The non-fluent/agrammatic variant of primary progressive aphasia

Lancet Neurol. 2012 Jun;11(6):545-55. doi: 10.1016/S1474-4422(12)70099-6. Epub 2012 May 16.

Abstract

The non-fluent/agrammatic variant of primary progressive aphasia (naPPA) is a young-onset neurodegenerative disorder characterised by poor grammatical comprehension and expression and a disorder of speech sound production. In an era of disease-modifying treatments, the identification of naPPA might be an important step in establishing a specific cause of neurodegenerative disease. However, difficulties in defining the characteristic language deficits and heterogeneity in the anatomical distribution of disease in naPPA have led to controversy. Findings from imaging studies have linked an impairment of this uniquely human language capacity with disruption of large-scale neural networks centred in left inferior frontal and anterior superior temporal regions. Accordingly, the pathological burden of disease in naPPA is anatomically focused in these regions. Most cases of naPPA are associated with the spectrum of pathological changes found in frontotemporal lobar degeneration involving the microtubule-associated protein tau. Knowledge of these unique clinical-pathological associations should advance care for patients with this important class of neurodegenerative diseases while supplementing our knowledge of human cognitive neuroscience.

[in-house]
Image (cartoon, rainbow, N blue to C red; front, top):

Publication types

  • Research Support, N.I.H., Extramural
  • Research Support, Non-U.S. Gov't
  • Review

MeSH terms

  • Brain / pathology
  • Brain / physiopathology
  • Humans
  • Primary Progressive Nonfluent Aphasia / classification
  • Primary Progressive Nonfluent Aphasia / diagnosis*
  • Primary Progressive Nonfluent Aphasia / pathology
  • Primary Progressive Nonfluent Aphasia / physiopathology*